Dope is about three high schoolers who live in the projects of Los Angeles and love 90's hip hop. They end up getting caught in a drug scheme and need to get through it so they don't lose their chance of getting out of the projects. The three high schoolers have a band called Awreeoh (pronounced "Oreo") that sing some amazing songs in the film (written by Pharell) like Can't Bring Me Down and Go Head that deserved Best Song credit, but the vast majority of the film is scored by the music of these kids fandom. Songs by Eric B. & Rakim, Public Enemy, Naught by Nature, and A Tribe Called Quest score this film and helps accentuate the journey these three kids go on. Dope has a glorious soundtrack that's fun to listen to while watching the film as well as on your drive to work,

NOTABLE SONGS: "I Will Survive" by Gloria Gaynor, "Turn The Beat Around" by Vickie Sue Robinson; "Starman" by David Bowie

The Martian is about astronaut Mark Watney (Matt Damon) who gets stranded on Mars. While it's a pretty devastating experience for him, he uses his humor to get him through it. I understand why many people scoffed at The Golden Globes' designation that The Martian is a comedy, but the tone of the film is so lighthearted and upbeat, just like Mark Watney himself, that I don't think it's as atrocious as people make it out to be. The Martian is about good people doing good things, and the film maintains its optimistic outlook, as well as its humor, throughout the entire film. That tone is accentuated by the film's disco soundtrack.

While Mark Watney is stuck on Mars, the only thing he has to listen to is a disco playlist from one of his other astronauts. The running gag of the disco music not only added much needed humor to this tale of survival, but added much needed tone and themes to the film. It would have been one thing to use "disco sucks" as a joke, but the film takes Mark Watney's dislike of the genre and runs with in in a pretty sensational way.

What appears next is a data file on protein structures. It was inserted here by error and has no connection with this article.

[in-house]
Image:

NOTABLE SONGS: "When The Levee Breaks" by Led Zeppelin, "Crazy" by Gnarls Barkley

"When the Levee Breaks" was a great song to play over the ending credits about a film that ends with the collapse of America's economy. The amount of greed and stupidity that caused a financial breakdown figuratively opened the flood gates to the shit show that we are only now just starting to recover from. However, the main reason The Big Short gets a nomination from me is its subtle use of song choices to date the film. Sure the film didn't need to put an exact time stamp on it as the events took place not all that long ago, but it's use of songs like "Crazy" by Gnarls Barkley and "Feel Good, Inc." by The Gorillaz were a nice added touch to one of the most difficult films to make.


The soundtrack that I would most like to listen to (and the soundtrack that I have listened the most to) is the soundtrack to Dope; however, that is not what this list is about. The list is about how well the film incorporated preexisting music. The film that did that the best in 2015 was The Martian. I, and I think most people. would agree that the disco music is not very enjoyable, but to thematic weave in that music to what ultimately is just a joke is incredible. I may not want to listen to the soundtrack of The Martian, but I certainly would give it an Academy Award.